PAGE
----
In the context of education, The Education Trust says that “making sure all students have equal access to resources is an important goal. All students should have the resources necessary for a high-quality education. But the truth remains that some students need more to get there.” This perspective demonstrates that while an equal approach ensures that all parties receive the same resources—an equitable approach considers which resources most effectively support the unique needs of each party.

According to the World Health Organization (WHO), such equity is “the absence of avoidable or remediable differences among groups of people, whether those groups are defined socially, economically, demographically or geographically.” The WHO highlights the fact that health inequities involve more than a lack of equal access to needed health resources, “They also entail a failure to avoid or overcome inequalities that infringe on fairness and human rights norms.”

Why It Matters

Understanding how health equality and health equity are different is essential to ensuring that consumer needs are adequately assessed and met. When issues of equity are addressed, then resources can be directed in the most effective manner to optimize health outcomes. Providing equal resources to all isn’t the answer to reducing the health disparities gap. Instead, the underlying issues and individual needs of underserved and vulnerable populations must be effectively addressed, as well.

As the Boston Public Health Commission notes, “Achieving health equity requires creating fair opportunities for health and eliminating gaps in health outcomes between different social groups. It also requires that public health professionals look for solutions outside of the health care system, such as in the transportation or housing sectors, to improve the opportunities for health in communities.”

Implications for Health Communications

Health communications play a critical role on a variety of fronts—including those which touch consumers, providers, public health advocates and those involved in policy development and implementation. As such, it’s essential that equity and equality be discussed in the correct contexts to help ensure the effective assessment and delivery of appropriate resources. According to the CDC, “Effectively making the case for health equity requires an understanding of the community context and intended audiences, an appropriately framed message that appeals to core values, and increased awareness of existing health inequities among stakeholders.”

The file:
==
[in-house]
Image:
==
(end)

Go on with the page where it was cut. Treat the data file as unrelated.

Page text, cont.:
Equity and equality not only affect the messages themselves, but also the way they are delivered and received. Issues such as language, literacy, and access to electronic communications impact the meaning and effectiveness of health communications. If communication equality takes priority over communication equity, too many will fall through the gaps—unable to access the information they need the most.

 

Julie Potyraj is the community manager for MHA@GW and MPH@GW, both offered by the Milken Institute School of Public Health at the George Washington University. She is currently an MPH@GW student focusing on global health and health communications.

Kaiser Health News covers the Repeal of ACA

You couldn’t really make the case that the American health care has ever been easy to follow. Maybe, though, it’s more on your radar now, with the Trump administration’s promise to repeal the Affordable Care Act and impending changes on the horizon. With a very uncertain political climate, the need for effective health communication is evident because transparency and comprehension are key for informed decision-making.

One source that may prove informative is Kaiser Health News. They’re open to would-be health communicators sharing and spreading their stories (for free, so long as you credit them), and they’ve been especially attuned to changes in health care policy of late. In fact, their beat Repeal & Replace Watch monitors the progress of the new administration, providing policy updates peppered with analysis and data to explain them. Some pieces are originals, and others link to reputable sources, allowing for breadth as well as depth of coverage.

Well, so I bet you’re wondering, “What did the cover today?” A lot! But here’s what I read: In an article on the individual health insurance market, they explain legislation discussed in Congress today.  We’ve been hearing for a while that the Trump White House has no concrete plan to roll out a new health care infrastructure, but this is the first tangible sign of what might lie ahead. Basically, as explained by KHN author Julie Rovner,  insurers thought that consumers were taking advantage of the market by only buying coverage when needed it—which makes them a high risk population. The new rule makes it harder to buy coverage for only short periods of time, and gives insurers more flexibility. However, Rovner notes, there is concern as to whether the rule can be implemented in time for 2018 roll-outs, because insurers would need to decide by early may where they will opt to sell insurance for next year.

She goes on with details on how key market players, representing insurers as well as patients, and politicians responded this news (mixed responses, of course).